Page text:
• Nine is ‘wine’: lunch. I picture Stephen Fry as Jeeves handing me a packed picnic hamper and a bottle of wine. He frowns disapprovingly at the thermos mug that I am holding, and I have to set it down to take the hamper.

This is sufficient for my initial list I think, and I’ll use this as a mental checklist as I leave the house each morning over the next week or two. I’ll post my experiences and conclusions about this hack at that time.

potables and comestibles

The Masochist's Mixer: Sampling the Habanero Vodka

Habanero Vodka Sample Last night I transferred the bottle of habanero-vodka infusion into the freezer against tonight’s tasting . . . very cautious tasting, I might add. It was nicely chilled when I removed it and held it up to the light.

The vodka has acquired a very faint orange tint and has become slightly cloudy with tiny, floating particulates. I decanted a small amount (about a half-ounce) into a shot glass. The smell is quite wonderful, quite definitely habanero with a faint sweetness.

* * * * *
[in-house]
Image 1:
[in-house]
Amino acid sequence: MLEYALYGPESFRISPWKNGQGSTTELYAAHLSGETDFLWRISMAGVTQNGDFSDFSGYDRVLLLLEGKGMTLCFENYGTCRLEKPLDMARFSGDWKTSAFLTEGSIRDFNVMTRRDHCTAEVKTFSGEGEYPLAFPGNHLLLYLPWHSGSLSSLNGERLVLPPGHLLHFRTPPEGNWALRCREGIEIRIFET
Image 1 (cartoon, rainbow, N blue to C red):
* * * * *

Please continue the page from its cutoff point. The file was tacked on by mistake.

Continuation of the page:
M—— took the first sip and was immediately in dire straits. I had to fetch a salt shaker for her, and fast. (This, by the way, is a good tip: If you eat something that’s painfully spicy, don’t reach for your water glass, which is about as effective as throwing water on a grease fire. Heavily salted tortilla chips are much more effective.) Her report: undrinkably painful, but with interesting potential.

I took a sip.

Hot sauce vendor Dave, of Dave’s Insanity Sauce fame, claims to have developed his concoction as a method of “encouraging” drunken, troublesome patrons to leave his bar. I suspect this vodka could be turned to similar ends, or possibly used as a weapon for interpersonal combat.